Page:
Brown and Brown Conveyancing eNews ~ "Self Managed Super Fund (SMSF) and Property Investment"

Garth Brown, B. Bus, Fellow of AICNSW, JP

You currently run a Self-Managed Superannuation Fund SMSF and want to invest in property, what is the best way to do this; what are the rules; and what will you need to include on the contract if you buy real estate?

According to the ATO – "a super fund is a special type of trust, set up and maintained for the sole purpose of providing retirement benefits to its members (the beneficiaries)."

It is very important that the funds are protected and any potential real estate investment investigated carefully before entering into a contract as there has been a rise in reported scams related to SMSF and property investment especially with fake documents and websites set up to deceive investors.

Self Managed Super Fund (SMSF) Rules
You can only buy property through your SMSF if you comply with the Australian Taxation Office (ATO) rules. It's important to get the correct information by consulting a professional investment adviser with experience in SMSF to advise you of the regulations and guide you 'how to'.

SMSF and ASIC - 5 Guidelines*
1. The property must meet the 'sole purpose test' i.e. must solely provide retirement benefits to fund members.
2. The property must not be acquired from a related party of a fund member.
3. The property must not be lived in by a fund member or any fund members' related parties.
4. The property must not be rented by a fund member or any fund members' related parties.
5. The property you purchase with your SMSF could potentially be your business premises, allowing you to pay rent directly to your SMSF at the market rate.

* Reference ASIC (Australian Securities & Investments Commission) website:

SMSF and the Contract for Sale
There are very strict rules that apply to whose name goes on the contract. In NSW, Victoria, Tasmania, the ACT, South Australia and Queensland, the purchaser should be the name of the holding trustee only. There should not be any references to "as trustee for the SMSF". If you get this wrong, it may result in adverse stamp duty implications and other implications. It is up to you to do your due diligence and seek professional advice to ensure you get it right.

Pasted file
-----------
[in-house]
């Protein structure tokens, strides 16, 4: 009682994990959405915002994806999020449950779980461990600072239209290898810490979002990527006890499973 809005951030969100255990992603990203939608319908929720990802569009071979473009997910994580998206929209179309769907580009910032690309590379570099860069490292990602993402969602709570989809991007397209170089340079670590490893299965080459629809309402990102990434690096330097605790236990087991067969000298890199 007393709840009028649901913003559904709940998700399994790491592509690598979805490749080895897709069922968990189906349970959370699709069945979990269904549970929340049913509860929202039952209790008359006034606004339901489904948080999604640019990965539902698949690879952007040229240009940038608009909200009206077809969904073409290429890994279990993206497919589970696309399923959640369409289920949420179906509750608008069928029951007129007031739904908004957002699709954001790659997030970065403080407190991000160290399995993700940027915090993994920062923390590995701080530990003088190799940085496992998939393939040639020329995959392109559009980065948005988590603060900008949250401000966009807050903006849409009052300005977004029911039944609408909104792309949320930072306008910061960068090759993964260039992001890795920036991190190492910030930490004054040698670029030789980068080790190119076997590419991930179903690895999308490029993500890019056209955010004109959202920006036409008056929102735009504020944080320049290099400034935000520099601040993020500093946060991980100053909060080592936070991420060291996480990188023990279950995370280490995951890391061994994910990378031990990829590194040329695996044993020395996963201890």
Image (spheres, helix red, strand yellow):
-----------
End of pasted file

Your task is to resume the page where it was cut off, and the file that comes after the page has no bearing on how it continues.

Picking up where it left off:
Some other important rules that the SMSF must follow:

• The SMSF must obtain a loan approval.
• The SMSF must pay the deposit on the property from the SMSF's bank account.
• The purchase contract should list fixtures and chattels that are to pass with the sale other than the land and the main structure.
• An off-the-plan purchase is when draft strata plans are used to sell home units not yet constructed. There can be problems with this type of investment and legal advice needs to be sought before an SMSF enters into this type of investment.
• If a member of the SMSF occupies the property the "in-house asset rule" would be breached. However, the SMSF can buy a property that the investor intends to live in after retirement only if the property is transferred from your super fund to yourself after you retire.

Brown and Brown Comments

Handling the conveyance of a property purchased by an SMSF

A company that owns a Trust or super fund has certain legal protection, if someone sues the company then - generally the company is set up so the company in the first place does not have any assets, so those suing cannot be compensated whereas those who are individually named on a Title linked to a Trust/SMSF can be sued by the assets these ones hold.  At Brown and Brown we always take instructions from the Accountant in writing with these types of Conveyances.
It is also important for the people to have the Company or trust structures in place – prior to purchasing a property, if a name or company needs to be changed after exchange of Contracts the Purchaser could potentially be liable for double stamp duty (known as: a Transfer not in conformity with the Contract and not a related party to the Contract). It is very important this is all sorted out promptly with the Accountant before signing a contract and tendering a Deposit for the property.


Our next eNEWS August 2015 - “Joint Tenants or Tenants in Common”

Garth Brown, B. Bus, Fellow of AICNSW, JP

Brown and Brown Conveyancing
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